All around the US, there are 7.3 million hot tubs currently in use.
There’s no denying that hot tubs have become a staple in homes, hotels, and resorts all over the world.
While California, Texas, and Florida top the list for the most hot tub installations, what about the infamous in-ground spa? Yes, they’re different!
If you weren’t familiar with the differences between an in-ground spa and hot tub, then get ready to find out.
Understanding the differences between the two can help you make a more informed decision as to what’s best for your family and home.
In-Ground Spa vs. Hot Tub: What Are They?
Interested in investing in some sort of heated body of water to complement your pool? You’ve got two main choices: an in-ground spa or an above-ground hot tub.
Understanding the basics of each one can help make your decision a bit easier.
What is an In-Ground Spa?
A built-in spa is basically exactly what it sounds like. It’s a body of water that’s built into the ground, very similar to an in-ground pool.
The most common way you’ll see a spa like this is when it’s connected to an in-ground pool with hot tub. In fact, some pool companies might even market the package deal this way.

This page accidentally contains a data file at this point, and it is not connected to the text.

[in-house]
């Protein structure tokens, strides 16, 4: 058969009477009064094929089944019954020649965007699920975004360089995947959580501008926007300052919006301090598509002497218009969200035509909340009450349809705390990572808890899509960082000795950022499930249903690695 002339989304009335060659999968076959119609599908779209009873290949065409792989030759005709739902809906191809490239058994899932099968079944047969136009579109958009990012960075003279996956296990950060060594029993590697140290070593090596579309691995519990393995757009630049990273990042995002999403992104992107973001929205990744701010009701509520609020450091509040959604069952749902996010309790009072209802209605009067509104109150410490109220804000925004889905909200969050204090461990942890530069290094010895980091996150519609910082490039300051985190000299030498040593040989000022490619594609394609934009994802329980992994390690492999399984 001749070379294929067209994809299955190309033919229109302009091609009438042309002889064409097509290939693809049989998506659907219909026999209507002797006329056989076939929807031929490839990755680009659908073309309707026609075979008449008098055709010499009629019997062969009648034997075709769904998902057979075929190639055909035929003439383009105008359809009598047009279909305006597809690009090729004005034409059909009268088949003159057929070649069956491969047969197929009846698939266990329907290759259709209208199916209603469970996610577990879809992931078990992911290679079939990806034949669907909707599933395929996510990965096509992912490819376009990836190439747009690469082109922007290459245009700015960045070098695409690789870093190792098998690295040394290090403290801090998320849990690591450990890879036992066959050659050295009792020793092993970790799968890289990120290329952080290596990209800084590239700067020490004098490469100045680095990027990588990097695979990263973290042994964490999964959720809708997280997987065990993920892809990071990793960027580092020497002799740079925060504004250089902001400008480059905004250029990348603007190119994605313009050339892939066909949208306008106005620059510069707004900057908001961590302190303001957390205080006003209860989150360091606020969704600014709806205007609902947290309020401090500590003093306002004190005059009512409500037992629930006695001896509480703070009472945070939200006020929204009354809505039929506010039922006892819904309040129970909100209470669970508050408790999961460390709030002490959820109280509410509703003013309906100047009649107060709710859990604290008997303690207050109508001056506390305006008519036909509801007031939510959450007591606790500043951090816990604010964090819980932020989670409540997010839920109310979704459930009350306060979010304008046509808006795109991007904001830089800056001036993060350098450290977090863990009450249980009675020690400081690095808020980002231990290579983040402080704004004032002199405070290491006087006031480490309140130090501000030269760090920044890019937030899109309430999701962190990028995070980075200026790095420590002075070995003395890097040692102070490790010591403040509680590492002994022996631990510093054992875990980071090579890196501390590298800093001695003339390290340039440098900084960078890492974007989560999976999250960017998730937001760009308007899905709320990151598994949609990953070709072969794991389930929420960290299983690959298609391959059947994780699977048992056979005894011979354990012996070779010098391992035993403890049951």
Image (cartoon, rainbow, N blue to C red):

Even though they’re calling it a “hot tub,” if it’s built into the ground and connected to the pool, it’s an in-ground spa, or even a spool (spa and pool).
In residential areas, this is the most popular and practical design, as it makes the most sense to build the two bodies of water at the same time.
In-ground spas tend to have built-in benches or seats and lights or jets on the outer edges.
The biggest difference between an in-ground spa and hot tub, however, is in how long they require to heat up. In-ground spas take longer to heat up and require more energy to stay heated.
What is a Hot Tub?
When someone refers to a hot tub, they’re likely talking about an above-ground spa. These spas are completely self-contained, meaning that they require less energy and maintenance than an in-ground spa.
The main difference here, then, is in the construction. All of the plumbing and electrical components are inside of the hot tub cabinet, making the spa completely portable.
This means that to heat the spa, you’re not pulling energy or water from your underground pool system or home’s energy ports.
You simply fill a hot tub with a regular hose and drain it whenever you don’t want to use it.
This makes hot tubs a little more ideal for families who move around a lot or who don’t want to deal with the costs of cleaning and draining an in-ground hot tub.
On top of this, above-ground hot tubs can heat up a lot faster than in-ground spas. This reduces energy costs and ensures that the water will stay hot.
Comparing the Costs of In-Ground Spas and Hot Tubs
Just like an in-ground pool costs more than an above-ground one, you can expect that in-ground spas cost more than a hot tub.
This is because they require adequate planning, design, construction, and filling.
A hot tub certainly requires less money upfront for the initial investment. As well, they’re usually cheaper to maintain and heat.
Hot tubs are able to maintain their temperature between uses, which means that they ultimately consume less energy overall. However, to snag a hot tub like this you’ll have to pay top dollar for high-quality installation.